High-Efficiency Fullerene Solar Cells Enabled by a Spontaneously Formed Mesostructured CuSCN-Nanowire Heterointerface

Wai Yu Sit, Flurin D. Eisner, Yen Hung Lin, Yuliar Firdaus, Akmaral Seitkhan, Ahmed H. Balawi, Frédéric Laquai, Claire H. Burgess, Martyn A. McLachlan, George Volonakis, Feliciano Giustino, Thomas D. Anthopoulos*

*Corresponding author for this work

Research output: Contribution to journalArticlepeer-review

17 Scopus citations

Abstract

Fullerenes and their derivatives are widely used as electron acceptors in bulk-heterojunction organic solar cells as they combine high electron mobility with good solubility and miscibility with relevant semiconducting polymers. However, studies on the use of fullerenes as the sole photogeneration and charge-carrier material are scarce. Here, a new type of solution-processed small-molecule solar cell based on the two most commonly used methanofullerenes, namely [6,6]-phenyl-C61-butyric acid methyl ester (PC60BM) and [6,6]-phenyl-C71-butyric acid methyl ester (PC70BM), as the light absorbing materials, is reported. First, it is shown that both fullerene derivatives exhibit excellent ambipolar charge transport with balanced hole and electron mobilities. When the two derivatives are spin-coated over the wide bandgap p-type semiconductor copper (I) thiocyanate (CuSCN), cells with power conversion efficiency (PCE) of ≈1%, are obtained. Blending the CuSCN with PC70BM is shown to increase the performance further yielding cells with an open-circuit voltage of ≈0.93 V and a PCE of 5.4%. Microstructural analysis reveals that the key to this success is the spontaneous formation of a unique mesostructured p–n-like heterointerface between CuSCN and PC70BM. The findings pave the way to an exciting new class of single photoactive material based solar cells.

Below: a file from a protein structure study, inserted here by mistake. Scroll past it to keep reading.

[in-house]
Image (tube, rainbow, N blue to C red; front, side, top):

Original languageEnglish (US)
Article number1700980
JournalAdvanced Science
Volume5
Issue number4
DOIs
StatePublished - Apr 2018

Keywords

  • PCBM
  • copper (I) thiocyanate
  • fullerenes
  • mesostructured heterointerfaces
  • solar cells

ASJC Scopus subject areas

  • Medicine (miscellaneous)
  • Chemical Engineering(all)
  • Materials Science(all)
  • Biochemistry, Genetics and Molecular Biology (miscellaneous)
  • Engineering(all)
  • Physics and Astronomy(all)

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